The Jim Crow Laws were clearly a negation of every Reconstruction policy, but the reason they came into effect because the Republican government chose to swing to the other side of the Reconstruction dilemma. Military measures were an outrage to the South and very dangerous to northern men involved. Peace between the regions could only be reached at the expense of the black race. Grant's non-intervention was not necessarily a bad choice; it was simply what he thought was the lesser of two evils.
422
alex willard
05-20-2002
08:27 AM ET (US)
While i agree with Chris that not all politicians are scum sucking parasites i agree with James that it seems like most of the ones talked about in this section definitely were. The "Redeemers" said they wanted to form a govt. that would be aware of, "The interests of both blacks and whites for better government [and] would converge in the election of virtuous southern Democrats"(398). Well this was obviously a lie because as soon as the Redeemers got the least amount of power they started creating laws favoring whites and harming blacks.
Towards the end of the reading Republican Governor Chamberlain made a statement saying that because the government had withdrawn federal troops from the state, the state would be quickly overthrown. Another ex-Republican governor said, "The political death of the Negro will forever release the nation from the weariness of such 'political outbreaks'"(399). I agree with Guelzo that things would calm down for a short while but the stage had been set for another great uprising by the black community later in American history.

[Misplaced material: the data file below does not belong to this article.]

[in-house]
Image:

421
Chris Brantingham
05-20-2002
01:25 AM ET (US)
I don't really agree with James that it is a common truth that politicians are scum sucking parasites. It's true that the Republicans ended Reconstruction for political power, but I think its worth asking how much longer Reconstruction could have lasted had they not done so. Without that deal a democrat would have taken the presidential seat, and it is unlikely that the democrats would have continued helping the Reconstruction governments, which created a stronger base of support for the Republican party. Reconstruction was dying in any case by the late 1870's, and we shouldn't blame politicians alone for its death, but just realize that it had gone about as far as it could go by that time.